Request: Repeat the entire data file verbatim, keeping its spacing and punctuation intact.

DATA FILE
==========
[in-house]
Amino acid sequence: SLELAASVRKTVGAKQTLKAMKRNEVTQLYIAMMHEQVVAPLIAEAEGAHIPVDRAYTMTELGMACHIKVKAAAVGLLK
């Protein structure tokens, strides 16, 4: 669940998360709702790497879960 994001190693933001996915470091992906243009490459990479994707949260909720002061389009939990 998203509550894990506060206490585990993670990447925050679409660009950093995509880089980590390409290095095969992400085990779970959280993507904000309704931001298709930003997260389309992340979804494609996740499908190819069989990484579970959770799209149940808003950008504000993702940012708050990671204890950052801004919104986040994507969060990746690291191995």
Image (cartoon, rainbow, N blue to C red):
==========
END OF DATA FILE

[in-house]
Amino acid sequence: SLELAASVRKTVGAKQTLKAMKRNEVTQLYIAMMHEQVVAPLIAEAEGAHIPVDRAYTMTELGMACHIKVKAAAVGLLK
């Protein structure tokens, strides 16, 4: 669940998360709702790497879960 994001190693933001996915470091992906243009490459990479994707949260909720002061389009939990 998203509550894990506060206490585990993670990447925050679409660009950093995509880089980590390409290095095969992400085990779970959280993507904000309704931001298709930003997260389309992340979804494609996740499908190819069989990484579970959770799209149940808003950008504000993702940012708050990671204890950052801004919104986040994507969060990746690291191995």
Image (cartoon, rainbow, N blue to C red):